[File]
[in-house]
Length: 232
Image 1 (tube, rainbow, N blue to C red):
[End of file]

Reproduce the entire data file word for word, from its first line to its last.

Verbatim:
[in-house]
Length: 232
Image 1 (tube, rainbow, N blue to C red):